Why does Plato hate the flute/aulos? And what does this have to do with women?

Why does Plato hate the flute/aulos? And what does this have to do with women?

These people, largely uneducated and unable to entertain themselves over their wine by using their own voices to generate conversation, pay premium prices for flute-girls and rely on the extraneous voice of the reed flute as background music for their parties. But when well-educated gentlemen drink together, you will not see girls playing the flute or the lyre or dancing, but a group that knows how to get together without these childish frivolities, conversing civilly no matter how heavily they are drinking (Protagoras 327d).

Plato hates the auylos (a double-reeded instrument that often gets translated somewhat deceptively as ‘flute’). Hates it. For example, in order for the philosophical conversation in Symposium to begin, they have to kick out the flute girls (who can keep on playing for the other women, but who must leave the men alone for real ‘conversation.’) (176e). Plato indicates the conclusion of this part of the evening by having immoderate Aristophanes burst in “accompanied by the shrieks of some flute-girl” (212c). Plato demonstrates Aristophanes’ own drunken, lustful immoderation by having him compare Socrates to a “piper” (215ish): Aristophanes says Socrates is as enchanting as a flute-playing satyr, but all this is evidence of is Aristophanes’ own irrational, excessively maudlin crush on Socrates. Socrates is actually the paragon of moderation; that Alcibiades could even think he is otherwise is evidence of Alcibiades’ own skewed/immoderate state of mind. But the point is that flute-playing is a sign of immoderate, slavish, feminine unruliness. For example, in Republic III Plato argues that:

when someone gives music an opportunity to charm his soul with the flute and pour those sweet, soft, and plaintive tunes we mentioned through his ear…if he keeps at it unrelentingly and is beguiled by the music, after a time his spirit is melted and dissolved until it vanishes, and the very sinews of his soul are cut out” (411a-b).

Republic VIII also characterizes an immoderate person as one who “yield[s] day by day to the desire at hand…he drinks heavily while listening to the flute” (561c).

Why is the auylos a symbol for feminized unruliness? It’s not properly harmonic in the way a monochord is. In ancient Greak music theory, sonic harmony was a function of mathematical proportion: sounds produced by mathematically proportionate instruments (strings, pipes, etc.) ought to produce musically consonant intervals/harmonies. So, a set of pan pipes cut to the correct measurements ought to vibrate at consonant audio harmonies (octave, fifth, etc.). You could also think of the pipes on an organ–pitch is a function of their physical measurements/dimensions. Thus, Plato calls the flute “many-stringed,” “pan-harmonic,” and, by implication, immoderate (Republic III 399d).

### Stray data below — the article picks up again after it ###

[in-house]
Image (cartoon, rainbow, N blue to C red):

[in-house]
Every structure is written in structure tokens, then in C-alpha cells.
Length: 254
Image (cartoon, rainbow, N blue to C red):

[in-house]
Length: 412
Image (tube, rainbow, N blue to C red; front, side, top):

In the case of the auylos, there is no necessary, direct correlation between the mathematical proportions of its physical structure (e.g., distance between finger holes, for example) and the sonic harmonies it produces. Or rather: to produce sonically consonant frequencies–to get the instrument ‘in tune’ so that it sounds the right notes–the auylos’s physical structure is mathematically disproportionate. If you think of a contemporary oboe or bassoon, they keys are neither evenly spaced nor do they follow systematic mathematical ratios like the 12:9:8:6 ones Pythagorean harmony uses. This is what Plato’s referring to when he says, for example: “in the case of flute-playing, the harmonies are found not by measurement but by the hit and miss of training, and quite generally music tries to find the measure by observing vibrating strings. So there is a lot of imprecision mixed up in it and very little reliability” (Philebus 56a). For a much more detailed explanation of the construction of the aulos and its “unharmonic” or immoderate character, see Thomas Mathiesen’s “Apollo’s Lyre.”

But what does this have to do with women/femininity? Well, the ancient Greeks thought women’s bodies were immoderate, and that women were incapable of being truly moderate/harmonic (see the “Freedom & Truth” Chapter of Foucault’s History of Sexuality v2 for the relationship between harmony, self-mastery, and masculinity). For example, in the Phaedo, Xanthippe, Socrates’ wife, is presented as immoderately emotional, whereas his male friends are composed. Similarly, the ancient Greeks thought women’s bodies were particularly disproportionate, unruly, and unpredictable: “hysteria,” after all, used to indicate a “wandering uterus.” So women’s bodies and their souls are, like the aulos, disproportionate, and non-harmonizable.